This first week of placement I have spent assisting with Walking:Holding, a delicate piece that asks the audience to go on a series of short walks with strangers. I headed down to The Yard in east London. My role was to watch out for Simon, who was cross-dressing for the first time, in case anything should kick off - luckily it didn't.
Click here for a link to an interview with Rosana about the work.
This was actually a pretty unique position to be in, walking behind him for three evenings in a row astonished and angered by people's reactions to what is basically a man in a dress. People seemed to be confused and genuinely angry at what they perceived as an attempt at 'passing', that is to say Simon trying to pass for a woman. Had Simon been in more heightened drag queen attire I think there may have been a different response, but due to his relatively low-key look, people seemed offended by his lack of conforming to the gender binary. Butler discusses in Gender Trouble how drag implicitly reveals the imitative nature of gender itself, in this context Simon evoked a reaction from witnesses as they experience this for themselves. Simply by being visible, the way Simon was dressed allowed the public to have an awareness or examine their own gender presentation.
Men walking on their own exclaimed 'fuck!' or 'nah man!'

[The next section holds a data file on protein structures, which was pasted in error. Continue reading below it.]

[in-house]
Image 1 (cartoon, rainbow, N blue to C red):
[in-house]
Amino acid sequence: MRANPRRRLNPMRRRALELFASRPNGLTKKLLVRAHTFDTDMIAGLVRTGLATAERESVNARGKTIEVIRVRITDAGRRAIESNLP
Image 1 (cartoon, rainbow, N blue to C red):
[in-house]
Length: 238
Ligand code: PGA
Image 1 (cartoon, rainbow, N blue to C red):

Women in groups whispered and tutted as if we were in the playground.
Teenagers laughed like Simon and I couldn't here them.
But the scariest response was men who asserted their masculinty by objectifying Simon as they would a cis-woman. Wolf whistles, 'alright darling', honks from a van and comments on his legs were all ways in which these man asserted their power to avoid feeling threatened by Simon transcending the boundaries.
That said, I was refreshed by the way the performance was led and organised by Rosana. As all the participants were performers themselves, and had got in touch as they had seen/heard about the piece and really believed in it. They all told me how they liked the simplicity of the work and what its trying to do. I felt like just a group of people about to embark on something we all felt passionate about, rather than an artist and participants. That's why when I felt the stark contrast between the check-in we all had before the performance and the abuse Simon faced during, I kept thinking: Queer means a community in any city, but animosity at every corner.